Odessa is the most popular travel destination in Ukraine. Flanked by the waves of the Black Sea on the south of Ukraine, Odessa is a port city and seaside resort with a tumultuous history.
The Greeks, Tatars, Turks, Ukrainians, and many other ethnic groups all left traces on Odessa’s history. This cultural diversity forged a region with a distinctive character that has much to offer. Here, you can enjoy a slow pace of life by the sea and explore the multicultural city’s heritage.
Head to Authentic Derybasivska St. In Odessa
Odessa’s founder José de Ribas served as the inspiration for Derybasivska Street. The street is pedestrian nowadays and is closed to public transport.
As a result, you can take a stroll down the picturesque boulevard paved with iconic cobblestone dating back to the 19th century. People consider it the central street and the major attraction of the city.
Expensive granite bound by imported Vezuviu lava makes up the street. This is in order to make the road more durable. Here, you can explore beautiful architecture, fountains, gardens, monuments, and local restaurants. Derybasivska St. is a pleasant sight day-in and day-out and it is easy to reach by public transport.
Enjoy The View From Potemkin Stairs
A 10-minute walk from Derybasivska street will take you to another iconic attraction of Odessa. Potemkin Stairs is named one of the most monumental and beautiful stairs in Europe. Its 192 steps lead to the seaside and the city port and were originally designed as the front entrance to Odessa. Many classic works of literature nodded to its greatness and beauty. But the biggest impact on the history of the stairs had a 1925 cinematic masterpiece called the “Battleship Potemkin”.
Originally, the stairs were a gift from Duke Vorontsov to his beloved wife Elizaveta. The name of Potemkin stuck to this iconic sight when the famous film that featured a massacre scene on the stairs was put on screens worldwide.
Nevertheless, you can enjoy a breathtaking view of Odessa’s gulf and the beauty of the Black Sea. In addition, you can often catch open-air screenings, street performers, and music shows.
See The Statue Of The Duc De Richelieu
On the bright wide square at the top of the Potemkin stairs, you will find a monument to Armand Emmanuel Sophie Septemanie de Vignerot du Plessis, the fifth Duke of Richelieu.
This man with a long name was a just and wise mayor. Specifically, he made Odessa a prosperous seaport and earned wide respect from its citizens. Three high reliefs adorn a statue dedicated to him. The reliefs signify justice, trade, and agriculture in commemoration of the Duke’s service.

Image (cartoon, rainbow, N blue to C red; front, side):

Check Out Odessa Opera House
The National Academic Opera and Ballet Theatre is probably the most prominent and beautiful building in Odessa. It boasts one of the most impressive facades in the city. If you are in the mood to see a play or attend an opera performance, you can get a ticket for $3 and up.
Once you are inside, you will get a chance to see the lush, gold-encrusted interior, and a unique 19th-century crystal chandelier in addition to a nuanced performance in Russian or Ukrainian languages.
Take A Trip Through The Mysterious Odessa Catacombs
Odessa saw an economic boom in the 1830s. Demand was in for new housing and the city turned to the most accessible and ample deposit of building material — limestone. The vast development turned the limestone mines into 2,500 km of labyrinths, the world’s biggest network of urban tunnels.
Smugglers and other criminals were among the first people to take advantage of the Odessa catacombs. During WWII, these catacombs became passageways and hideouts for local partisans. Nowadays, catacombs are a mecca for diggers and tourists who want to see the darker side of Odessa’s history.
Walking tours take 2.5 hours and cost approximately $10 per person. Keep in mind that the temperature in catacombs is significantly lower even during the summer so we recommend bringing some extra clothes.
Take A Tour Of Vorontsov Palace
Vorontsov Palace was never a royal residence. Duke Mikhailo Vorontsov, a governor-general of Odessa region, once owned the palace. This building is yet another architectural gem of Odessa and is well worth the visit. Most tourists come to the palace to take a picture at Vorontsov Palace colonnade and to enjoy a beautiful sea vista. However, if you fancy a tour of its interior, be advised that it is only open on weekdays from 9 AM till 4 PM.
Take a Walk Around Shevchenko Park
Shevchenko Park was named after one of the most famous Ukrainian poets. Its shadowy alleys offer a great retreat from the summer heat or the gusts of salty winds. Wander down the paths that the great literary minds like Gogol, Chekhov, Dostoevsky, and Pushkin once took.
The park stretches to Langeron beach — one of the most popular spots for beach leisure in Odessa. Shevchenko Park is located on Marazliivska St. and can easily be reached by public transport or a car.
Enjoy Versatile Leisure At Arkadia Beach
Consider it a wasted trip to Odessa if you haven’t visited its beaches. Arkadia beach is a perfect place for you to relax on the warm sand under the sun of “Southern Palmira”. In the summer season, after sundown, it becomes the hottest place in town for nightlife.